Cape Teal Duck

Anas capensis

The cape teal pair found in the pond at Chew Valley can be found dabbling and diving, looking for extra snacks on the pond floor!

Species Information

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Cape teals can be found in all sorts of freshwater and saline habitats across a large range in sub-Saharan Africa.

This small, dabbling duck is covered in grey mottled feathers with a pink bill and red eyes.

Their diet mainly consists of invertebrates and aquatic plants, but they also feed on crustaceans and amphibians, such as tadpoles.

Up to 30 years!

These ducks are nomadic but rarely travel far away nor migrate. They are also one of the few dabbling duck species that actually dive and pursuit food. They achieve this by closing their wings, unlike dabbling ducks who keep their wings open.

After heavy rains when food is plentiful during the breeding season between March – May, the monogamous pairs begin elaboratively courting. This involves strange vocalisations such as high-pitched whistling from males, mutual preening, and swimming around in circles whilst raising their wings. Nests are then built using aquatic vegetation materials and their feathers in shallow dips alongside the water shoreline. Females solely incubates up to 13 eggs for about 28 days. The chicks are born precocial, following the mother to the water almost immediately, as they begin instinctively swimming, diving, and dabbling. They are good parents, aggressively defending their ducklings against potential threats and emitting loud calls to warn their offspring to take cover.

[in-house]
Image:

Least Concern

Like many cartoons portray, these ducks have teeth! Well, tooth-like serrations around their bill, which likely indicates that filter feeding is important to cape teals!